It hasn't been a great couple of weeks for Johnson & Johnson. After recently recalling some 200,000 bottles of Motrin Infants' Drops, Wednesday the company announced its second recall in as many weeks, this time for a schizophrenia drug.
Watchdogs worried about antipsychotic use in children now have more ammo. A new study links the drugs with Type 2 diabetes. Published in the journal JAMA Psychiatry, the study found a threefold increase in diabetes risk for kids who take antipsychotic drugs compared with those taking other psychotropic drugs.
If you don't succeed in court, try the FDA. That's the approach of a Philadelphia lawyer who wants to make some Risperdal data public, but is barred from doing so by a federal judge's order.
The Arkansas Supreme Court is the epicenter of the latest episode in Johnson & Johnson's Risperdal saga. J&J is appealing the $1.2 billion fine in a Medicaid fraud case, in which a jury found the company had downplayed Risperdal's risks and marketed it for off-label uses.
Johnson & Johnson has been negotiating terms of a multibillion dollar settlement over aggressive marketing of its antipsychotic drug Risperdal with federal authorities for at least two years, and now it is hung on talk over breasts, The Wall Street Journal says.
South Carolina Circuit Judge Roger Couch took a particularly creative approach when he levied a $327 million penalty against Johnson & Johnson in the state's Risperdal case.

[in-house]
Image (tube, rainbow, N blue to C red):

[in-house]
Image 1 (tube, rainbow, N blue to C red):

Another Big Pharma CEO faces the prospect of appearing before a jury to testify in defense of a drug that has been called dangerous.
Johnson & Johnson appears to be in settlement mode. It has knocked off some more pending litigation, having settled about 25% of the 3,400 lawsuits it faced tied to the dangers of taking antibiotic Levaquin. The settlements come after it recently negotiated settlements related to its aggressive marketing of antipsychotic drug Risperdal.
Pfizer doesn't want CEO Ian Read to take the stand in a Chantix liability suit. That's not unusual; Johnson & Johnson fought a request that CEO Alex Gorsky testify in person in a trial over alleged Risperdal misconduct. What's different in Pfizer's case is that a judge actually ordered Read to appear.
Johnson & Johnson has again backed down on its defense of Risperdal cases alleging that it caused boys who were given the antipsychotic to grow breasts.